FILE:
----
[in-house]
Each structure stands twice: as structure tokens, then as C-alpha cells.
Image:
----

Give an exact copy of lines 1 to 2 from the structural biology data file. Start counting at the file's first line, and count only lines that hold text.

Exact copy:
[in-house]
Each structure stands twice: as structure tokens, then as C-alpha cells.